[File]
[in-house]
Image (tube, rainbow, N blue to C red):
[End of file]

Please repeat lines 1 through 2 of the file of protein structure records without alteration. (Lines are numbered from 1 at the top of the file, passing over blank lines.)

[in-house]
Image (tube, rainbow, N blue to C red):